Here’s an excerpt from the debut story by Audie Cockings, the author of Little Red Rider, a fiction thriller available on Amazon. She holds a Master’s Degree in Adulthood and Aging with an emphasis in Health Care Administration and has been published previously in health care.
Woody couldn’t sleep. “Damn eye drops,” he thought. The clinic nurse said the eye drops would help his glaucoma but that beta blockers sometimes have noticeable side effects–like sleep apnea. Woody remembered putting the eye drops back in the fridge after his Hungry Man dinner, but didn’t actually recall administering them.
Woody’s a retired Marine. And like other honed soldiers, shut-eye came as soon as he shut his eyes. The crazy shit that came after his eyes shut is another matter, but initially getting to sleep was never an issue for him. Woody got to sleep just fine, medicines or not, until last month. He just couldn’t sleep well without her. At eighty-two, Woody’s calm had left him.
He yawned as he rubbed his palm over the closely shorn hair of his youth. Despite his age, Woody’s flat top was thick and taut, his deep brunette hair now bunatti gray.
Naomi’s face was the most beautiful he’d laid eyes on. Not the sallow bearing she left behind. He first spied her bewitching profile illuminated in the light of the film screen. She was a peculiar beauty, one that warranted his full attention. Woody looked away when she first caught his gaze, but by intermission he’d managed to muster up enough stones to shoot her an all-out brazen stare. One to make her know that he meant business.
She had a natural look to her. Not all that Marilyn Monroe bleach blonde, heavy eyeliner, and red lips that the other girls imitated. Naomi’s beauty was subtle and her sweetness appealed to the young man who had boxes full of distant girls on paper at the barracks. Woody desired a nice girl. One that he might actually touch.
Naomi was petite. Short wavy cinnamon hair, blue eyes with flecks of gray, a freckled nose, and a full pout. Perfection. He watched her gloved fingers curl around that tub of popcorn as if it were Lana Turner doing a strip tease. Woody had waited months for High Noon to get to his neighborhood theatre, yet his eyes were fixed on the girl across the aisle and three seats down.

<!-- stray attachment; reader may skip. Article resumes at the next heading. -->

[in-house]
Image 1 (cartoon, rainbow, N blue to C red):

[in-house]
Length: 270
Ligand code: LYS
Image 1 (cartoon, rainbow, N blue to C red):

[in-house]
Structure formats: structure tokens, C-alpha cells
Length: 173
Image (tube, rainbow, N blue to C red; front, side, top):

He closed his eyes and quietly moved his arm under the sheets to her side of the bed. He imagined scooping her up around the waist and pulling her in closer. It was routine after fifty-five years together. She’d laugh and push him away, then change her mind and giggle after a little convincing.
His arm twitched. Protesting its emptiness. Every part of him missed her.
He opened his eyes to inspect her pillow. A perfect rectangle. It hadn’t been touched except for a laundering every Tuesday, just as she would have done if she were still alive. The linens remained as crisply ironed as the day Naomi went to the hospital and didn’t come home.
She shared Woody’s disciplined nature. Their home was immaculate, even with her stage four cancer. But when evening came that day she was different. Pained and seemingly feeble. Her words came slowly and she shuffled about the house nervously, unlike the strong seasoned wife of a decorated Marine.
Her heightened confusion agonized him. The capable woman he loved had been broken down little by little, in increments that only he would notice. Her smile, from one of joy to one of consolation. She was embarrassed to need him so much. The medicines keeping her body from relentless pain were causing her to forget. Her faculties were slipping and she knew it.
That evening it took Naomi several minutes to ease into her nightgown and into bed. Woody sat down beside her and tucked an unruly curl behind her ear, then kissed her gently. He stroked her cheek until her breathing softened. When she nodded off, he picked up the bedside phone.
Upon hearing the receiver, her eyes opened. “Don’t call,” she asked in a childlike voice.
“Mimi, honey, it’s been a bad day. I’m worried.”
“I’m fine. Just tired, Chief. Tomorrow will be better.”
“Can you feel it?”
“Just a little,” she replied. But her admitting to it upset him. The woman never complained about anything. Maybe they could give her something stronger this time. He bowed his head and pleaded for less pain and more time for his bride.
Woody called the Medicare Emergency Hotline. He was transferred to a physician. He voiced his concerns then asked, “Can you call in something to help with her pain?”
“I’m sorry, but I can’t call in narcotics. She’ll need to go to the nearest hospital.”
Woody confirmed their address with the national ambulance service as Naomi slowly got back out of bed and redressed. She couldn’t stand the thought of the ambulance staff seeing her in a nightgown. She then headed to the kitchen, picked up a sponge and spray bottle full of diluted vinegar and looked for something to clean. She didn’t want the EMT to think that she had an untidy home.
Woody asked his wife to sit down and relax, knowing full well that she considered sitting down in idleness a complete waste of time.
From the front bay window they watched the ambulance kick up dirt in the drive. Naomi and Woody looked at each other as they had many years prior. The look of a loving couple who would be separated. The same uncertain gaze they shared when his plane left for multiple tours abroad. Woody was barely twenty when he signed up. No one in town knew what Woody had accomplished in his years of service. Naomi was his last living confidant, and she would never tell.
image via Liberty Island